Early inhabitants of the East African Rift Valley enjoyed a reliable environment for thousands of years as there was a large number of freshwater lakes, and reach grasslands were favored by large herbivores.
However, the situation changed more than 320,000 years ago, as the environment started to be unpredictable, forcing early humans to adapt. Tests performed on drill cores that cover more than 1 million years of history reveal that an evolving ecosystem was one of the primary factors which encouraged human evolution.
Studies that focused on artifacts that were recovered from a well-known archaeological site revealed that early humans had used more the same tools for more than 700,000 years, and their lifestyles were quite stable within this timeframe as no notable changes had been observed.
The situation changed dramatically as Middle Stone Age started, as people started to create weapons and tools which were smaller, easier to use and more accurate in some cases. Trades have also started to become more popular at this point in time, as resources were exchanged, and symbolic communication is reinforced by the use of coloring materials.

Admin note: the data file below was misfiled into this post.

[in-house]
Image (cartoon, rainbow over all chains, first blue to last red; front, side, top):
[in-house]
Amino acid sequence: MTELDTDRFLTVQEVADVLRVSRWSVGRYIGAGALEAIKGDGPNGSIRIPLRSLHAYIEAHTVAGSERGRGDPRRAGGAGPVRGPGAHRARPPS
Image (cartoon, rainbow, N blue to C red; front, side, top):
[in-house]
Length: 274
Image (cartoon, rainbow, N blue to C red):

While some have argued that climate change was the primary factor behind the advancements, it seems that other changes have also played an important role. New geological faults and changes in vegetation and fauna reshaped the landscape, forcing the use of new tools and trades to ensure survival.
Some of the innovations that appeared have also paved the way for additional changes in the fauna, including the use of projectile weapons. The disappearance of large-scale grassland led to forced big herbivores to die out. Humans managed to follow the changes in the ecosystem with relative ease, adapting fast enough to prevent negative consequences.
Adaptability has saved humanity a lot of times, and it will remain essential as the environment continues to change due to anthropogenic influences.